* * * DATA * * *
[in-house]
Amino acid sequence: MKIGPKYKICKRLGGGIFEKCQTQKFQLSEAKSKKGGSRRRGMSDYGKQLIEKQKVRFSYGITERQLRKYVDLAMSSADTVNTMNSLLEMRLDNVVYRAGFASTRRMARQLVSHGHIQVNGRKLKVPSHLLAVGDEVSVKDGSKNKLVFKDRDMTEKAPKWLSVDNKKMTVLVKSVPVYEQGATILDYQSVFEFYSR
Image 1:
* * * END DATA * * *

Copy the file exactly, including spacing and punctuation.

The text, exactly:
[in-house]
Amino acid sequence: MKIGPKYKICKRLGGGIFEKCQTQKFQLSEAKSKKGGSRRRGMSDYGKQLIEKQKVRFSYGITERQLRKYVDLAMSSADTVNTMNSLLEMRLDNVVYRAGFASTRRMARQLVSHGHIQVNGRKLKVPSHLLAVGDEVSVKDGSKNKLVFKDRDMTEKAPKWLSVDNKKMTVLVKSVPVYEQGATILDYQSVFEFYSR
Image 1: